Sunday, May 5, 2013

To specialize

When I introduce myself as a student to patients, the more pleasant patients respond by asking what kind of doctor I plan to be. (There are much less pleasant ones too.) I say that I haven't decided yet.

One patient's family member told me, "Don't specialize."

I was so confused by this. I explained that the purpose of this year of medical school is to experience different specialties. He then explained that he thought I should do "general practice". I explained to him that family medicine is a specialty, so when I said that hadn't decided what to specialize in, I meant that family medicine was still on the table.

I was irritated because it was another example of the fact that family medicine is misunderstood. This was evident because this person didn't consider it a specialty. I see how people think that family docs are less "specialized" because they are see pediatric to geriatric patients. Most specialities are based on either patient population (e.g. pediatrics, OB/GYN, general internal medicine) or organ system (e.g. every field ending in -ology.)

Family physicians are specialists. They specialize in care for  all people with an emphasis understanding the patient's family and community. It saddens me that people don't think it's a skill to understand patients, to be engaged in the patient's community, to advise patients on lifestyle changes, to keep people healthy in the first place.

I also don't like it when people who don't know me at all think they should tell me what to do. I understand that probably they are trying to be nice since they're engaging me in conversation at all. This is better than complaining that they don't want to be seen by a student. But I don't think it's necessary for people to pinpoint what specialty I should do. I hate "advice" like that.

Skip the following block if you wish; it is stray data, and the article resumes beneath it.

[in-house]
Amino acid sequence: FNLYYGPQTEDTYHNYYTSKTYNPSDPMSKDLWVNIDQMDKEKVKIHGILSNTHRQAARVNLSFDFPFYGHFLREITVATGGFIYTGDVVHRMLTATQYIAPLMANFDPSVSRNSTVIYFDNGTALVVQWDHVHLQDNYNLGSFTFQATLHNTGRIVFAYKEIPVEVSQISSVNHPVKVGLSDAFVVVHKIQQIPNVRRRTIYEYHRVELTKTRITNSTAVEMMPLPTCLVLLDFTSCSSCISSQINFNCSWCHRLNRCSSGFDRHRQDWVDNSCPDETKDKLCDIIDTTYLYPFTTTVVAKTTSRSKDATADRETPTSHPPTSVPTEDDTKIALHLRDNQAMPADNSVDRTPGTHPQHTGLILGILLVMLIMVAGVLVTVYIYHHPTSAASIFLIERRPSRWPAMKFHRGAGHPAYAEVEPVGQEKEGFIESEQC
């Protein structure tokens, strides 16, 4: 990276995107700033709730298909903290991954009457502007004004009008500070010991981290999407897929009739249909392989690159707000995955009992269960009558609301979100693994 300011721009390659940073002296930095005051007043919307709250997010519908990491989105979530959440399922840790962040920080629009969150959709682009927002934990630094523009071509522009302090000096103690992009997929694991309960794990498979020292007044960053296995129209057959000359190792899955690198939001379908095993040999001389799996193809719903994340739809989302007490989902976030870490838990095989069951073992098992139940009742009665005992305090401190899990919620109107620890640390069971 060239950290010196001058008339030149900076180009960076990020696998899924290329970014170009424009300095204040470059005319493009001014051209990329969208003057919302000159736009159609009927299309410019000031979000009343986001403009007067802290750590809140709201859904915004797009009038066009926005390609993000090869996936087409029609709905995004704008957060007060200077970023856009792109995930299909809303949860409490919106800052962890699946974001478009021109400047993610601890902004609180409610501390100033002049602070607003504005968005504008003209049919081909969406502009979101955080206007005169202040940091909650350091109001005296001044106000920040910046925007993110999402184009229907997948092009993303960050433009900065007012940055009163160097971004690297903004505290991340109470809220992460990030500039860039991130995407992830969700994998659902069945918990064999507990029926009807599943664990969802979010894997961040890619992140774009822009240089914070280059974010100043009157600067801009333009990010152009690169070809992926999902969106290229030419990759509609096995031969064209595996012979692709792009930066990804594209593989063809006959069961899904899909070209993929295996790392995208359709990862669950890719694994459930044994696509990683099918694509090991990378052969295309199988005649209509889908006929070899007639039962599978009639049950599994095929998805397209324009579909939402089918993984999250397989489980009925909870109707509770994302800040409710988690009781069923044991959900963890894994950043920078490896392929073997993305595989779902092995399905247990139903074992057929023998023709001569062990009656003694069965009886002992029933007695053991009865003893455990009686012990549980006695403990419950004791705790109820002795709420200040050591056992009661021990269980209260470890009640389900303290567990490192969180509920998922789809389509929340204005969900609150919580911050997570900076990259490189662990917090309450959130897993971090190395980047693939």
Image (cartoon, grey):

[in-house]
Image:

The best thing they could say to me also seems to be the most rare: 
I hope you find what makes you happy and good luck.


Bethany Lumbert said...

I really enjoyed this post. Short, but actually very informative. Thinking about it now, I am not sure if I was aware the family practice is a specialty. I love my Family Doctor and have had a lot of great conversations with him recently about diet and lifestyle changes. I can really appreciate his advice and I feel cared for in a way that only doctors can care.

I think that it can be difficult for families to find a doctor that they feel they can trust, which is a huge factor of whether or not the patient receives the right treatment. Or sometimes, even just the right advice and guidance.

CYW said...

Bethany, for how many years have you had a family doc? I actually never had one. I either had pediatricians when I was a kid and an internist and OB/GYN now as an adult. Pretty much everything I know about family medicine I learned in med school.

Jessieroo said...

Chen -- Love the recent updates to your blog!

Your post reminded me of a recent blog post on the Stanford Medicine's site (written by a medical student):

I think there are many ways in which perception of family medicine can change for the better -- in the ways you describe, and also in the notion that it is the specialty for people who didn't do well enough in medical school to be a specialist.

CYW said...

Jessie, Thanks for sharing with me that blog post. It's even more true of Stanford that fewer students choose family med. CHM is a very primary care oriented field and even within it, I feel little bit like I'm "too smart" for family medicine... or too stupid for choosing this field.

CYW said...

Oh also, I'd love to hear from you about your PhD and med school adventures. Update me via emial!